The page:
On the 23 Things course, the second thing we have to do is set up an RSS feed and explore how we might use this. As a librarian, I immediately find lights switching on in my head at this technology. Current awareness! Save the time of the reader! And then reality cuts in, with the perennial question of information overload. How do you give the user what they want to know, but not what they dont want to know? Switching to my scholarly user persona, I regularly use four different research libraries (and I used even more when I was doing my PhD), so that libraries need to think quite carefully about what they include. With that in mind, its interesting to have a quick look at how some research libraries structure their rss feeds:
Library of Congresss – a large number of very specific feeds including ones for different types of events, for news from particular divisions, as well as a separate one for changes to opening hours and emergency closures.
British Library – one podcast feed and an e-mail sign-up for an events newsletter.
Cambridge University Library – includes a general news feed (nothing separate about hours/closure) and one on the Arcadia project. The one on new electronic resources proves not to have been updated since Nov 2008.
Senate House Library – a single feed of news (including events, library closures etc).
All this is both more and less than what Id actually like to have. I would like a feed of practical information about the library (closures/changes to services etc), and having a separate one for events also makes sense, as do feeds for specific projects. But how much general news from any corporate body is things that they want to tell you, as opposed to things that you actually want to know about? A feed full of press releases doesnt sound particularly appealing.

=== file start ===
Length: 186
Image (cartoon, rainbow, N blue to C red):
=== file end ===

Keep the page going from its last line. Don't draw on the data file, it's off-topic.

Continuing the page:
And the libraries Ive mentioned largely dont seem to be doing one of the obvious thing, producing feeds of new books and electronic material. Maybe in some cases the files would just be too big. But if I had the chance to know about new books in the UL at Cambridge without having to stand by a bookcase full of books from which someone has helpfully removed all the dust-jackets, so you cant see what they are without looking inside them, I would definitely be interested.
If libraries, arent, on the whole, using feeds in ways I might find useful, the obvious area where they would be of use is for reading blogs. Indeed this blog itself has a feed, but I dont know whether anyone is using it. If you are, could you show up in the comments, please, and let me know what you think about using rss? (In contrast, I do know who subscribes to my posts via e-mail, so can I give a shout-out to monkeyluver141, whoever he or she is, whos been subscribing since 2006).
As for reading other blogs using a feed reader, Im now playing round with Google Reader and I can see how it could be done relatively easily and it would save me time, and yet…here we get to the subjective bit. I read blogs, even medievalist ones, primarily for fun and stimulation, not for immediate practical benefit. I go to them when Im bored with the work Im doing, or Im in the mood for a particular kind of writing or topic. I am devoted to some blogs for a while and then go off them, not always for entirely coherent reasons. Reading blogs via a feed reader would be efficient, but it would turn blog reading into something more like work and less like play. It would become more about new things I needed to read, and lose some of the random browsing side of it. Maybe theres some kind of halfway house there are useful blog rolls such as the one at The Ruminate that show you when a blog was last updated, and so whether its worth going to check it, without getting too in your face about it. (I want to see if there is a way to add something like that to my blog).
I may well keep on using Google Reader for some specific feeds, such as events. But the reality currently seems a long way away from its vision of easily keeping up to date with all your favourite websites. Its even more complicated when I start to wonder whether thats really what I actually want to do, or whether Im just looking for an excuse to waste time.